LC:  Living in Montana provides me a perfect training platform. We are blessed with great trail runs, a nice 50m outdoor pool, rivers to swim in, open roads for riding, and mountains to climb. While the training is epic in Montana, the most important thing I get out of living in Missoula is happiness. We – my husband Chris and our dog Madison – have found a perfect balance and way of life in Missoula. I am surrounded by some of the greatest friends and training partners ever. I think having a happy heart is the first step to competing well. I come to Kona with little stress, injury-free, well-prepared, and I have trained hard, all in Missoula. You can’t beat that!

TM:  I live in Florida, and I’ve got to admit that when I think of Montana, I envision 10-month long winters. Sure that’s an over-statement, but how do you cope with winter and weather as you train?

LC:  The winter provides the perfect opportunity to enjoy an off-season. While I won’t truly take a ton of time “off” as I am an active individual I enjoy spending December skiing, working on strength with TRX at the gym, hiking in the snow with my dog, building up my cycling stamina with focused indoor trainer sessions, and spending time outdoors. I look forward to the change of seasons and adapt my training accordingly.

TM:  So what’s the backstory to finishing every race with a cowboy hat?

LC:  I started racing triathlon with our local triathlon club, Team Stampede. Tradition was that we finished each race with a trademark cowboy hat. This group was so supportive of me (and still is). I took the cowboy hat tradition with me as I started racing all over and climbing the professional ranks. The cowboy hat is like my carrot – always waiting at the finishing stretch for me. Just get to the finish and grab the hat! I think it also symbolizes why I do this sport – for fun. It doesn’t matter if I win, am 5th or dead last – seeing the hat makes me smile and reminds me that this is a profession I have chosen, and I like to keep it fun and positive no matter what.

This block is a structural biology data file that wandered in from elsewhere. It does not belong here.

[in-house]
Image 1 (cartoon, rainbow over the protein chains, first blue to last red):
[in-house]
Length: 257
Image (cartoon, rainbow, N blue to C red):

TM:  Do you have any non-triathlon guilty pleasures?

LC:  Drinking espresso, enjoying a nice beer, red wine, peanut butter, pretzels, cuddling up with a good book, shopping, traveling, and being social. My family is the most important thing to me and I have a wonderful golden-retriever, Madison. Life is good!

TM:  Here’s a bonus question: I read somewhere that you said one of your fav post race indulgences is a beer from Big Sky Brewing (a local Missoula brewery). I think the quote inferred that there was a beer named after you? I checked out Big Sky’s website….your beer isn’t called “Old Bluehair” is it?

LC:  Ha – yes, Big Sky Brewing is one of my few Montana based sponsors. They have rallied behind my profession since early in my career. The companies values are similar to mine: have fun & enjoy all that you do. Each year for Kona they come up with a specialty beer for me to bring out to the island. If you ask nicely, I will give you some next year :).

To learn more about Linsey, check out her webpage at http://www.linseycorbin.com/.  You can also follow her on Twitter at http://twitter.com/linseycorbin.


8 thoughts on “>Ten Questions With…Professional Triathlete Linsey Corbin

  1. >Great interview!! I love the fact that pretty much every interview with a triathlete that I have read makes them seem like down to earth people. Very refreshing to read.

  2. >How is it that you score these AMAZING interviews?!?!? Thanks for sharing this!In a way Linsey Corbin should feel like she won IMAZ that day. Setting a time like that is phenomenal.